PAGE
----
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Anna Pakulniewicz 19 February 2018

Anna Pakulniewicz


+48 22 356 25 07

Ania covers the Baltic states’ real estate markets, architecture and urban planning in Warsaw as well as interior design. She is also the co-founder of Eurobuild TV. Among others, she has been employed by TVN CNBC, PAP Insider, WBJ (The Observer), Poland Monthly and IMM. She graduated from the Warsaw School of Economics, majoring in international relations. She has also completed postgraduate studies in macroeconomic analysis. In addition to this, she studied Lithuanian philology

CROATIA The hospitality and leisure sector will remain the most active in terms of investment and development volumes in 2018 in Croatia, according to Colliers International’ s 'Croatia 2017 Market Overview & 2018 Prognosis' report.

Average property prices will continue their upward trend in 2018, boosted by the elevated demand and high growth in tourist arrivals. The limited supply of locations for tourist resorts and second home residences in other Mediterranean countries is expected to attract developers to Croatia. Buyers will continue to look for properties with the potential to generate rental income and that will appreciate in price.

In 2017 app. 90 pct. of the total investment volume in commercial real estate were recorded in retail and hospitality & leisure sectors. Most of the investment and development activity came from investors already present on the market. Newcomers mostly focused on distressed/value-add or brownfield opportunities in the hotel tourism and leisure (HTL) sector. The retail and HTL sectors will remain the most active sectors in terms of investment and development volumes over 2018.

According to the Croatian Bureau of Statistics, Croatia saw 17.4 mln tourist arrivals in 2017, up 12 pct y-o-y. Overnight stays increased by 10 pct y-o-y to a record 86 mln. Foreign tourists accounted for 15.6 mln arrivals (89 pct) in 2017. The greatest number of overnight stays were recorded in Istria – 25.5 mln, followed by the Split-Dalmatia County – 16.6 mln and Primorsko-Goranska County – 14.9 mln.

There is a strong demand for hotels in Croatia from existing investors and market newcomers. The investors often face a lack of projects of the necessary quality. The market is currently seeing heavy investment, predominantly from local investors.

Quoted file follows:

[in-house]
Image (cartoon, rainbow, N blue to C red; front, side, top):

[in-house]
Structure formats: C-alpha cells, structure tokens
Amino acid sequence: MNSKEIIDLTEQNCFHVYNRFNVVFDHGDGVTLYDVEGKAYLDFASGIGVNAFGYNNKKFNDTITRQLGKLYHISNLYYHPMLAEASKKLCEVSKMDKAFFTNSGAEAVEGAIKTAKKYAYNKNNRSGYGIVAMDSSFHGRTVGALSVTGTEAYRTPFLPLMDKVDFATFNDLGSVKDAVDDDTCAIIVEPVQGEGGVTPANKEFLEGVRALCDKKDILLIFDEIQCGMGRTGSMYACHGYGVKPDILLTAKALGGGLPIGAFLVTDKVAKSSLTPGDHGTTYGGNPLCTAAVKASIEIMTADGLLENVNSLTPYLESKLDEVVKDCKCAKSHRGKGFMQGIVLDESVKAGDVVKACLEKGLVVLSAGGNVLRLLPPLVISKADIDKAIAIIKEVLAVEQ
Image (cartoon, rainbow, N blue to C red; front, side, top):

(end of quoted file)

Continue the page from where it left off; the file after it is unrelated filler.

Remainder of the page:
Performance of 5 star hotels in Croatia has improved y-o-y according to figures from the Faculty of Tourism and Hospitality Management in Opatija. Occupancy rates in 5-star hotels increased from 51 pct in 2016 to 55 pct in 2017. The ADR rose from EUR 139 in 2016 to EUR 148 in 2017. Total RevPAR in 5-star hotels was around EUR 114 in 2017 compared to EUR 104 in 2016.

Several large hotel developments were delivered in 2017 by local players. Several new hotels will open throughout the country in 2018. Large investments in the hotel sector, predominantly in 4- and 5-star hotels, are expected to continue in coming years. The investors and owners of 2-star and 3-star hotels are expected to continue upgrading their hotels to higher ratings.

There are several large projects under construction in Croatia. Maistra (Adris Group) is developing a new 5-star hotel in Rovinj on the site of the former Hotel Park. The new hotel will comprise 193 rooms and 16 luxury suites. The total investment will come to app. EUR 80 mln. Construction work on tower B in Westgate complex in Split started in H1 2017. The new mixed-use tower will comprise a hotel with 193 rooms. The tower opening is planned for H2 2018 and could become home to a Marriott International Hotel.

In 2017 there were no new large tourist resorts added to the market with investors opting for less risky brownfield opportunities. Construction work on a tourist resort in Brizenica Bay by Arqaam Capital and Four Seasons should start in 2018. The resort will be located on a waterfront site at Brizenica Bay, on the island of Hvar. It will feature a 120-room Four Seasons hotel and 60 luxury suites.

Most of the market development activity comprises small projects. Most frequently waterfront projects of up to 10 units offer less risk and allow quicker returns. The most sought-after regions to develop small projects are Dalmatia (island of Brač, island of Hvar, Rogoznica and the Makarska Riviera).

The demand is strongest for properties in Dubrovnik area, Dalmatia and Istria. Buyers are typically looking for a second-home for their own use and/or as an investment. There is a lack of smaller income-producing luxury villas and apartments on the market. The demand for properties in Istria is predominantly coming from Germans, Austrians and Slovenians. Residences in Opatija are mostly bought by Russians while Dalmatia is attracting buyers from Croatian diaspora, Sweden, Slovakia and the Czech Republic.

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